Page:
Two and half years ago, I performed a CPU and motherboard upgrade to my media server. You can read the account here.
Although the AMD Athlon 5350 APU was energy efficient, it proved to be under power for on demand video encoding when Plex wanted to transcode video for a player on a device that is not compatible with the playing video. For example, when an Apple TV (not 4K) wants to play 4K material from Plex on my media server, the server will have to transcode the 4K material to a compatible 1080p format. Unfortunately, this is very CPU intensive and if more than one person in the house hold is trying to do the same thing, which is not unheard of, this causes stuttered playback issues.
Given the choice between saving a few dollars a year versus usability, I choose usability. Therefore I started to research what I need for the upgrade. My goal is upgrade the system so that transcoding will not be an issue and I can also use the system for future video encoding of security camera footages. We can also use the system for background video encoding of family videos as well.
I continue to prefer the AMD brand, and decided on the following combo:
- AMD Ryzen 5 2400G Processor with Radeon RX Vega 11 Graphics (YD2400C5FBBOX)
- GIGABYTE B450 AORUS M Motherboard
- Corsair Vengeance LPX 16GB (2x8GB) DDR4 DRAM 2666MHz (CMK16GX4M2A2666C16)
The above were all purchased through Amazon and cost me a grand total of $473.24. The AMD CPU was the most expensive part costing almost $190.
Taking out the old motherboard and CPU combo and replacing them with the new parts went smoothly. The side SATA connectors bucked against one of my HDD chassis so I opted not to use them, and decided to connect all of my RAID SATA connectors to the SATA accessory card that I purchased and discussed in this post.
Last time I did an upgrade like this, the Ubuntu operating system had no problems and booted without any issues. Unfortunately, this time is very different. After the machine posted, Ubuntu booted into a blank, black screen. After some research, I learned to reboot the Ubuntu kernel with the nomodeset option. I learned to press and hold the shift key so that I can select the desired kernel that I wanted via the GRUB menu, and I learned to press the ‘e’ key in the GRUB menu to modify the boot options. Finally pressing F10 to boot with the custom changes (effective for only one time).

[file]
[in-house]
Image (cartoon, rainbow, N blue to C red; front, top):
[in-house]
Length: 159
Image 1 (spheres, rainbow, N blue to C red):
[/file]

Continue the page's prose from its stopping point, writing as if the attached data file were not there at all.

The above trick got me a login prompt. After I gained access to the command prompt, I noticed that the kernel did not recognize any ethernet devices. I now have a machine that is not connected to the network. After some more Internet research I found out that the current 4.15 Linux Kernel that I have is insufficient to run on the Raven Ridge architecture, the AMD code name for the Zen CPU and Vega GPU combination on a single chip. I have to upgrade to the 4.18 Linux Kernel.
However I cannot upgrade through the Internet, because the machine is not on the Internet. I have to download the Debian packages on a USB stick with another machine and manually install them. At this point, I learned that you cannot simply download a single package for this. I had to decide whether to go with the Linux Mainline Kernel packages or go with the Ubuntu HWE (Hardware Enablement) packages. After reading through Ubuntu’s LTS Enablement Stack article, I decided to HWE packages. I found the linux-generic-hwe packages and their prerequisites on pkgs.org. This took several iterations as I did not get all the dependent packages on the first try.
Once all the packages were installed, the machine booted without the need for the nomodeset option. However, the internet interface device was still not there. I had to run the command netpath, to find out that new motherboard’s ethernet device’s logical name was em1. To register the new logical name, I had to edit /etc/network/interfaces file.
Finally, the machine booted with an active ethernet connection. As a sanity check, I executed:
sudo apt-get install --install-recommends linux-generic-hwe-18.04
Ensuring that my new media server has all the required kernel packages. We are still not done. The IP address of the server has changed, because we now have a different MAC address, so the DHCP server provisioned a different IP. I tried to change the Unifi Controller to provision a static IP address to this new server but I was unsuccessful. I suspect that the new server is also running the Unifi Controller may have something to do with it. Since the IP address has changed, I needed to update the following configurations:
- Firewall rules
- Unifi Controller name space configurations
- Samba configurations because we only allow for local machines to share
All of this took from 4:30pm to 11:00pm last night, 6.5 hours worth of hardware assembly, research with Google, trial and error, and finally success. I cannot imagine if Google and the super helpful community forums did not existed. Fingers crossed that the new media server will run smoothly.